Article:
in a relationship together contribute to the climate of trust and mistrust, so Baier will discuss a range of healthcare roles and how their actions can create a healthy or unhealthy environment. A good climate of trust, in her view, is one in which all individuals are vulnerable to each other and, as a result, can be encouraged to trust each other (136). So, she thinks that we must empower the weaker individuals in the relationship, which involves recognizing their rights. In the medical world, this would involve: codes of patient rights patient advocates While patients are the weaker parties in this relationship, doctors also have rights against their patients. Because patients sometimes engage in malicious lawsuits, doctors need their own advocates (i.e., Medical Protection Society). Trustworthy Health Professional Baier states that a trustworthy health professional is a properly trained health professional who is competent to do what she is asked to do. But how do we verify that a doctor, for example, is properly trained and competent? One way is to have a trustworthy system of hospital administrators and government agencies responsible for verifying and recording health professionals' qualifications. We must also be sure to have enough health care workers to meet our needs. What counts as properly trained? Clearly, doctors must be trained to recognize the disease symptoms and be able to treat those symptoms. But what other skills must they have? Why is kind of retraining necessary? Well, it is not being realized that health professionals need communication skills and their scientific training and clinical know-how (137). This is especially important, according to Baier, for creating an atmosphere of trust. If one is subjected to testing that he or she does not understand, one will experience fear and potentially distrust and terror—one of the biggest complaints made by patients concerns poor communication. Patient Virtues While patience is a virtue in patients, perhaps, there is also some responsibility to protest or lodge complaints when things go wrong. They should communicate their fears and concerns as well as demonstrate patience and trust. According to Baier, “threats to sue do not improve mutual trust,” nor does being impatient and attempting to subvert the order of triage. Euthanasia & The Goal of Healing The saving of lives and care of patients has been considered the responsibility of health professionals – it is part of the Hippocratic oath. Relieving suffering is only considered their goal if it does not threaten health or life. Since health professionals' main goal is to save or prolong lives, it is not odd that medical associations oppose the legalization of voluntary euthanasia and “claim that it would be unethical of doctors to end their suffering patients’ lives” (141). Going back to the concept of trust, Baier states that we would not be able to trust a physician who was “overeager” to euthanize people. However, Baier argues that it is unethical to refuse to assist patients in ending their suffering. Suffering is not taken seriously enough. It is often treated with “patronizing disbelief” (see Baier’s examples on 141), and pain – migraine, menstrual, arthritis – is not given a high priority in medical research. It ought to be the focus of medicine to understand the pain and do their best to minimize it or end it. It is the role of health-care workers to relieve suffering and prolong life, Baier argues, and they should not have to consider the risk of prosecution when acting in this way. She states, The physician one can trust the one who will remind one how one can bring about one’s own death by exercising one’s right to refuse fluids, the one who does not have to risk prosecution if more active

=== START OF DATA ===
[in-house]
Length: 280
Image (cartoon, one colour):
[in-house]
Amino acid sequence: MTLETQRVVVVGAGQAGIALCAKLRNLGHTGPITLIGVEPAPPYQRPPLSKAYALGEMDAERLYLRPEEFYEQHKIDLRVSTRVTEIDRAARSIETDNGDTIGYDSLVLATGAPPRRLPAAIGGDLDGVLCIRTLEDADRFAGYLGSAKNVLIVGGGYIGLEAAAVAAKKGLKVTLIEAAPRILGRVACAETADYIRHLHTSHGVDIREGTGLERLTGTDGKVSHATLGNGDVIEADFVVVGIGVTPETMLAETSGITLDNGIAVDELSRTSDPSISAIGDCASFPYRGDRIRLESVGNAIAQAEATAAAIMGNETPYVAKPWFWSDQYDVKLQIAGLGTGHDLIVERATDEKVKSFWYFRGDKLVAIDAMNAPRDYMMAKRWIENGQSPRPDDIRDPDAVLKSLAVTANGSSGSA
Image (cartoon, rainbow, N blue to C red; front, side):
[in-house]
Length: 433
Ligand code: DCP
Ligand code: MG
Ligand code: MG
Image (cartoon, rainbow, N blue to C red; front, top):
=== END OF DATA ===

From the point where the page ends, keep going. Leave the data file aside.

assistance in dying is given, and the one who would so assist one, when one unambiguously and repeatedly request such assistance (143). Compassion is a virtue that everyone needs to have, according to Baier. To really consider the morality of euthanasia, we must first recognize a right to considerate treatment and – from health professionals – relief of pain. Baier discusses rights and virtues because, to be able to properly exercise virtue, we need changes in the law – which is the domain of legal rights. For doctors to efficiently make compassionate decisions and exercise truthfulness about their actions, we need legal change. Baier states the following: If medical professionals are to free themselves of the charge of prolonging the agony of the dying, they must be given the legal power to administer euthanasia on repeated serious patient requests. Only then will compassion become a fully functional virtue in the medical profession (152). Baier’s conclusion To have a humane medical profession and have a good climate of trust, we must allow physician-assisted death when requested by the patient, as long as this practice is protected against abuse of power. We cannot trust our doctors, according to Baier, until they are fully able to exercise compassion.